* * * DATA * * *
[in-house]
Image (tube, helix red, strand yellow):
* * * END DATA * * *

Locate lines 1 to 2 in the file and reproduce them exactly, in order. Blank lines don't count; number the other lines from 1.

[in-house]
Image (tube, helix red, strand yellow):